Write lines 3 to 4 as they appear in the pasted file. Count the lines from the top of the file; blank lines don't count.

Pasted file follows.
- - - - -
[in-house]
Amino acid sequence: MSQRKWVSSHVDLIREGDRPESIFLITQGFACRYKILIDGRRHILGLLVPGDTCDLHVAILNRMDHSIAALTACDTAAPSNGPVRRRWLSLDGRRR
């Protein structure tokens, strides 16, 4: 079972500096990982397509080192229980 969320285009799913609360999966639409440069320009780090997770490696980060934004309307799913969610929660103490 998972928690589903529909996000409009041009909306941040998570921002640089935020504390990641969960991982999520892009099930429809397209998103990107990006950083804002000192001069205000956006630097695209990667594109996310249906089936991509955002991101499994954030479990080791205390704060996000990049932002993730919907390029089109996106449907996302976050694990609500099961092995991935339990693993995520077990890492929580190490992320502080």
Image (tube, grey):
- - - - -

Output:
């Protein structure tokens, strides 16, 4: 079972500096990982397509080192229980 969320285009799913609360999966639409440069320009780090997770490696980060934004309307799913969610929660103490 998972928690589903529909996000409009041009909306941040998570921002640089935020504390990641969960991982999520892009099930429809397209998103990107990006950083804002000192001069205000956006630097695209990667594109996310249906089936991509955002991101499994954030479990080791205390704060996000990049932002993730919907390029089109996106449907996302976050694990609500099961092995991935339990693993995520077990890492929580190490992320502080």
Image (tube, grey):